Race Report from Ironman Texas, by Philip Deeter. In addition to being a member of District Multisport, Philip is a professional masseuse, USA Triathlon Level One Coach, and team partner -- learn more at his website, The DEETERmined Athlete.
Some big wins, and some really disappointing mistakes. Here's how it went down:
Pre-race: My training was consistent and I added more strength into my plan over the past four months. My knee was a little weird (the one injured in my 2015 bike accident), but no real pain to speak of. I just have this odd, movable lump above the knee. The PT said to listen to it, and I have been over the past four weeks. Overall, I felt pretty good and slept (and ate) well the whole week.
Swim: I have never been kicked, slapped and pushed so much in a swim! The course is pretty narrow, and I expected some contact, but not like this. After the first turn, I was able to break free for a bit and get into a groove. But as we made the turn into the canal, it got sloppy and bumpy again. I got out of the water in 1:35, an average time for me. What I discovered after was that my pace was the fastest I've ever swam! But it doesn't matter how fast you go if you don't swim straight. Adam Rippon in a beaded evening gown looks straighter than my Strava. Lesson learned? Keep up with the frequent trips to the pool, but add open water swim sessions to improve.
T1: Not my best, but not bad either. I ate a bit to make sure I started off on the bike well.
Bike: Cloudy and no wind to start. I eased into it and felt strong. After 10 miles, I was into a consistent groove. By the three-hour mark, I couldn't believe what I was seeing. Despite feeling like I was holding back, my pace was well above anything I had done in previous Ironman events. My HR was steady and I just felt great! I told myself not to push because it might get hot. And then, it did.
The temp climbed as the clouds burned off, and the wind kicked up . After mile 75, I realized I had been so focused on my pace that I had fallen behind in my nutrition and hydration plan. Then I didn't want to eat and the wheels started to fall off (ed. note: not literally). I limped along the last 25 miles and what had started so well, ended poorly. I still had a 16 min PR for the bike, but I knew the run was going to be difficult.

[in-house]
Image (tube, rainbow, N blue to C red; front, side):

NOTE: Cheating was rampant. Draft packs of 15, 20 and 30 riders were common. It was pathetic. The race officials also measured the bike course two miles short, but never announced that fact to the riders before the race. IM Texas is supposed to be the North American Championship. But the bike course was more like a joke. I NEVER saw a single race official on the course ... just several crashes with riders helping other riders.
T2: I was a mess, had to go to the bathroom and just tried to rehydrate and regroup. I think it tied my slowest T2 ever.
Run: I use the term loosely.
At IM Boulder, I was very dehydrated coming off the bike (altitude), so I walked the first three miles, drank and drank, and later was able to run the remaining 23 miles at a good clip. Not the case in Texas. It wasn't until Mile 12 that I was hydrated enough to be able to take a deep breath and feel like I had the energy to run. I picked it up at Mile 13 and got my planned pace back. I hoped I could at least run the remainder. But after another bathroom break at Mile 19, the course was dark ... really dark. I feared that I would trip and the glow sticks weren't cutting it. I really needed a head lamp. So I walked until I reached town.
I was really feeling down. I had guarded hopes that this might be a breakthrough race for me.
But I tried to focus on the things I did well all season.
I saw Ripley and Chris as I started the run and got kisses from both! And despite the late hour, I didn't feel beat up or destroyed ... for better or worse. Then, as I approached Mile 25, a big Texan with his friends shouted out, "Hey, dude! Are you ever going to do another one?!"
I looked over and instantly yelled back, "Lake Placid this July!"
As I passed him, he laughed a big Texan laugh, and yelled, "Holy shit! Another IM and he's still smiling during this one!"
At that point, my mood lightened and I was happy. I was about to finish my 10th Ironman and, despite some warts, it was a success ... because I was doing what I loved, and still smiling while doing it.
See you in Lake Placid, my friends. I'm going to be laser focused!